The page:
The Colony of Natal, however, was developing along somewhat different lines, the size of the Zulu nation assuming threatening proportions to the colonists. Reserves were created under traditional African law for refugees from Zulu might; outside those reserves British law held sway. As almost all blacks were deemed to fall under the rule of the chiefs in the reserves, almost none had any chance of political rights outside their borders.

Economically, Natal had the advantage of being ideal for the cultivation of sugar cane. The consequent labour requirements led to the importation of indentured labourers from India, many of whom - in spite of discrimination - remained in the country after their contracts had expired: the forebears of today's significant and influential Indian population.

The late 19th century was an area of aggressive colonial expansion, and the Zulus were bound to come under pressure. But they were not to prove easy pickings. Under their king Cetshwayo, they delivered resounding proof at Isandhlwana in 1879 that the British army was not invincible. However, they were defeated in the following year, leading to Zululand eventually being incorporated into Natal in 1897.





  • A short history of South Africa  
  • Colonial expansion  
  • Diamonds and British consolidation  
  • Gold and war  
  • Union and the ANC  
  • The gathering storm  
  • Three decades of crisis  
  • The death of apartheid

    A 1595 engraving of Khoihhoi pastoralists at today's Mossel Bay in the Western Cape. The Khoikhoi, otherwise known as Hottentots, and the San Bushmen lived on the southern tip of Africa for thousands of years before its written history began with the arrival of European seafarers (Image: National Library of South Africa)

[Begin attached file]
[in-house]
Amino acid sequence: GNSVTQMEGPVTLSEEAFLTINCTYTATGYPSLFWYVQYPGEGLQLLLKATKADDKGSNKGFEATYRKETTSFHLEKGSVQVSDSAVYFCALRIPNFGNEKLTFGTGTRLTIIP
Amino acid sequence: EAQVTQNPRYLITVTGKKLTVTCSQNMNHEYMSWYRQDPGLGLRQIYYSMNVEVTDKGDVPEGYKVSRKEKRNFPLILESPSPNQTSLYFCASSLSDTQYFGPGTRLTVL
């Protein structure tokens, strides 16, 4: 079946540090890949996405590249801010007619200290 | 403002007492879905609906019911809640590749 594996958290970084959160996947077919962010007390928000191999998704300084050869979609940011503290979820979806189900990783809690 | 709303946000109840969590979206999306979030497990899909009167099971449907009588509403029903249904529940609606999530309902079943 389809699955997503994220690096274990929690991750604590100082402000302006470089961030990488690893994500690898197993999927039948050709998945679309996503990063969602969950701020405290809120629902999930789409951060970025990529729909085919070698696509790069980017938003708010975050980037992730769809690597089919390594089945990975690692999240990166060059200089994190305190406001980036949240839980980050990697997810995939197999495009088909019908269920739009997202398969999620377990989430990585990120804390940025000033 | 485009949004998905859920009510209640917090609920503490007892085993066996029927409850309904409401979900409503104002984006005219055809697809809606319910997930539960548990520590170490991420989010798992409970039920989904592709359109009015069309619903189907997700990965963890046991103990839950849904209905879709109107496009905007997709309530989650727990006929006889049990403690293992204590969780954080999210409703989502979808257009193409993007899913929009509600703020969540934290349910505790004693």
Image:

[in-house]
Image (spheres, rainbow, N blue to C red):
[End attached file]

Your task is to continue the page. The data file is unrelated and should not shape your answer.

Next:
European settlement of South Africa began with the arrival of Dutch commander Jan van Riebeeck and his 90 men, who landed in 1652 at the Cape of Good Hope under instructions by the Dutch East India Company to build a fort and develop a vegetable garden for the benefit of ships on the Eastern trade route (Image: Wikipedia)



    An 1824 sketch of Shaka (1781 - 1828), the great Zulu king, four years before his death. By James King, it is the only known drawing of Shaka (Image: South African Government Online)



    The Battle of Blood River. The Boers used their oxwagons as a defensive barrier against the Zulu army, which they eventually defeated (Image: South African History Online)



    In 1879 the Zulu army, under King Cetshwayo, delivered a resounding and humiliating defeat to the armed might of the British Empire at Isandhlwana (Image: South African History Online)


    Diamond diggings at Kimberley produced the Big Hole, believed to be the largest hand-dug excavation in the world (Image: South African Tourism)